We’d like to step back and reflect on this part of the EPA Public Advisory, published in March 2010:
(EPA Public Advisory published in March 2010, Page 9, Paragraph 5)
“Incidents which were not evaluated: Not all incident reports were included in the evaluations by the EPA. Incidents which were generally not included:
- Incidents with no EPA registration number
- Incidents from other countries
- Efficacy reports
- Incidents which were considered generally ambiguous
- Incidents which also involved use of other pesticides or drugs because effects may have been associated with the other product
- Incidents which involved multiple animals because it was difficult to tell which animal was affected and to what degree
- Multiple reports or contacts with the registrant for the same incident”
Out of the over 44,000 incident reports submitted to the EPA, only 28,319 were deemed suitable for inclusion in the report, meaning more than 1/3 of the incident reports received were screened out, but the part we wish to focus on today is:
“Incidents which involved multiple animals because it was difficult to tell which animal was affected and to what degree”
This means, for every incident where someone treated multiple animals with a flea and tick product and more than one experienced a reaction, including death, the report was thrown out. Likewise, any reports where an individual treated one animal and a different animal became sick from contact with the treated animal were discarded.
The EPA is working on a way to include these reports in the future but, for now, they go unseen.
According to Gallup’s Annual Lifestyle Poll for 2006, 6 in 10 Americans share their home with an animal.
That’s a lot of homes.
Information compiled from the American Pet Products Association 2011-2012 National Pet Owners Survey (found on this humanesociety.org page) reveals 28% of dog homes are multiple dog homes and 52% of cat homes are multiple cat homes.
Given the information above, we reason that roughly 31% of all American households are shared with multiple animals.
Additionally, according to information obtained from the 2010 US Census, there were 116.7 million occupied homes in America.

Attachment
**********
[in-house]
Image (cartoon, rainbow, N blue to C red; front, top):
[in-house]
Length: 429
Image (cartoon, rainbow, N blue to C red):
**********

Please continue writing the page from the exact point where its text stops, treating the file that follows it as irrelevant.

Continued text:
When you combine this census data with the above multiple animal figures, you find there are more than 36 million American homes being left out of the equation.
Aside from this information, there is another factor that must be considered when trying to determine just how many animals have been affected by these poisons:
Many incidents never get reported in the first place.
Market research studies suggest consumers fall into three main categories after they have had a negative experience with any purchased product:
- Problem-focused, in which unhappy customers take action and make their feelings known to the offending party.
- Emotion-focused, in which sad, fearful customers engage in self-blame, self-control, denial and the seeking of social support by venting to third parties who can’t help.
- Avoidance, in which the customers, feeling shame and/or guilt about their dissatisfaction, focus on removing themselves from the stressful situation.
The emotion-focused and avoidance categories above really speak to us when thinking of victims of negligent flea treatments.
It’s all too common for victims of these products to feel guilty, ashamed for having put a dangerous product on their companion animals without first researching the product. These feelings are further amplified by the shameful manner in which unscrupulous manufacturers inflate the “misuse” argument, as we’ve pointed out many times (1, 2)
While it’s beneficial to public awareness for people to submit their story to websites such as HartzVictims.org, this should not be considered a replacement for a formal report with the proper authorities.
Manufacturers of these products are required by federal law to report all adverse events to the EPA. By making your experience known, you allow more of the equation to be revealed.
If you have experienced a problem with a flea or tick product, please report the incident.
You are guilty of nothing more than trying to care for members of your family.